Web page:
Almost twice as many Savannah River Site workers as expected have already applied for a voluntary severance program that will remain open until Friday, officials said.
As of noon Wednesday, 375 employees had signed up for the prelude to a massive layoff that will start in mid-April, said Will Callicott, spokesman for the Westinghouse Savannah River Co., the main contractor at SRS.
"That is more than many people were predicting, although there's never been an official estimate," he said.
Unofficially, company officials expected about 200 full-time employees of Westinghouse and its five partners to sign up. The voluntary program offers the same severance package that will be given to workers targeted in the layoff to follow - one week's pay for every year of service, with a maximum of 26 weeks' pay.
After the seven-day window for the voluntary program closes, company officials will review the applications and notify employees next week whether they've been accepted, Mr. Callicott said. Those accepted will leave the company in mid-March.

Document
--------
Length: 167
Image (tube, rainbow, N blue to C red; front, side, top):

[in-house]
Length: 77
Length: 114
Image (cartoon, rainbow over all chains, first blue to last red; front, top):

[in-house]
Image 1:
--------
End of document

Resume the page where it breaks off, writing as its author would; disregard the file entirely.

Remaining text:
Some employees who volunteer might not be allowed to leave SRS because they're considered critical to missions at the site.
The voluntary severance program is designed to reduce the number of pink slips Westinghouse and its partners will have to issue starting in April. SRS must reduce its work force by 1,200 this fiscal year and 600 to 800 in fiscal 2006, which begins Oct. 1.
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Sign-up for a voluntary severance program for SRS employees ends Friday. The number of employees accepted into this program will determine the number of layoff notices that must be sent, starting in mid-April, to reach a targeted reduction of 1,200 workers this fiscal year.